The Communication, Rhetoric, and Digital Media PhD program is home to core faculty from the Department of Communication and the Department of English. Graduate faculty in the Departments of English and Communication are eligible for membership on the Program Core Faculty of the Ph.D. in Communication, Rhetoric, and Digital Media. Members of the CRDM Core Faculty must be full or associate members of the Graduate Faculty and hold full-time tenure-track positions at NC State University; be willing to play an active role in the Program by, for example, chairing dissertation committees, serving on administrative committees, being a member of an examination or dissertation committees, and participating in the academic and social life of the Program; have a strong record of teaching and advising and be able to teach doctoral-level courses suitable to the Program; and have an active program of research or scholarship that contributes to the focus, scope, and goals of the CRDM curriculum, as indicated by scholarly specialization, publications, grants, etc.
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Dr. Craig's teaching and research are in the areas of interpersonal and family communication, highlighting a number of communication processes and skills that contribute to enhancing personal relationships.
Timothy Stinson is associate professor of English at NC State. He has published articles on the Alliterative Revival, printing history, codicology, manuscript illumination, and the application of genetic analysis to the study of medieval parchment. He is editor of the Siege of Jerusalem Electronic Archive, is director of the Socieity for Early English and Norse Electronic Texts (SEENET), is co-founder and co-director of the Medieval Electronic Scholarship Alliance (MESA), associate director of the Advanced Research Consortium (ARC), and co-director of the Piers Plowman Electronic Archive. His research has received funding from the National Endowment for the Humanities, the Andrew W. Mellon Foundation, the Bibliographical Society of America, and the Council on Library and Information Resources.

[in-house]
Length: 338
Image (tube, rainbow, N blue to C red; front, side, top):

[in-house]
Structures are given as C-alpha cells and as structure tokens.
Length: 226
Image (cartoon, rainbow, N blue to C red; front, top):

Digital gaming is at the cutting edge of several foundational transformations in our increasingly media-saturated world. These include the ubiquitous role of interactive technologies and attendant modes of surveillance; the shifting (and eroding) boundaries between work and leisure; and the role of new media in shaping how we understand ourselves and each other. My research seeks to better understand these transformations by looking at i) the communicative practices of those who play, create, and work in, on, and for digital games, and ii) the broader implications of these practices, particularly as they relate to issues of exclusion and social justice.
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Accessibility in the Classroom FREE online course
Good afternoon, Please share the following information with your faculty and staff members: NC State University's IT Accessibility Office will offer a free, 6 week, self-paced online Accessibility in the Classroom course this summer available for all faculty and staff in the […]
Farewell/bon voyage for Brad Mehlenbacher June 2nd 2018, 7-10pm @ Benelux in Cameron Village
After 27 years at NC State, Brad Mehlenbacher is moving home to Canada! Come wish him farewell or make your plans for visiting Brad during gorgeous Southern Ontario summers. Brad will be joining the faculty in the Department of English Language and […]